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I am taking the following as the definition of a $\Delta$-complex.

(i) one starts with an indexing set $I_n$ for each $n \in \mathbb{Z}_{\ge 0}$.

(ii) for each $\alpha \in I_n$, one takes a copy $\sigma_\alpha^n$ of the standard $n$-simplex.

(iii) one forms the disjoint union of all of these simplices, for all $n\geq 0$.

(iv) now require that for each $(n-1)$-dimensional face of $\sigma_\alpha^n$, there is an associated $\sigma_\beta^{n-1}$ for some $\beta \in I_{n-1}$.

(v) now form the quotient space by identifying each $(n-1)$-dimensional face of each $\sigma_\alpha^n$ with $\sigma_\beta^{n-1}$ using the canonical homeomorphism. In particular, these homeomorphisms preserve the ordering of vertices.

The sources I've consulted don't make it clear what a subcomplex is. Can someone give me a rigorous definition?

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up vote 1 down vote accepted

With that (slightly strange way of phrasing the) definition, a subcomplex should be a sequence $(J_n)_{n\geq0}$ such that

  • for each $n\geq0$ we have $J_n\subseteq I_n$, and

  • if $\alpha\in J_n$ and $\beta\in I_{n-1}$ are such that $\sigma_b^{n-1}$ is associated to one of the faces of $\sigma_\alpha^n$, then $\beta\in J_{n-1}$.

N.B.: you did not tell us where you got that definition from, nor what other sources you consulted. There are lots of nice expositions of this subject... With time, I've learned to appreciate C. R. F. Maunder's Algebraic Topology, for example.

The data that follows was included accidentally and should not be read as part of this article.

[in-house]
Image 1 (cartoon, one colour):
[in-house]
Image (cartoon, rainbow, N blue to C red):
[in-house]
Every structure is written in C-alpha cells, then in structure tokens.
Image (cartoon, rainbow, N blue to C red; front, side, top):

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The definition is from lectures I took on algebraic topology that don't have typeset notes, so I cannot link you to an electronic version. However, I did reproduce above the lecturer's definition word-for-word. It appears not to be too different from the one in Hatcher's Algebraic Topology. What definition would you normally use for $\Delta$-complexes? Thank you for the recommendation; I'll try to find it in my library. –  Sputnik May 18 '11 at 2:27
    
Incidentally, I've since learned that Eilenberg and Zilber first invented the notion of $\Delta$-complexes under the name "semi-simplicial complexes" in this paper. –  Sputnik May 18 '11 at 15:24
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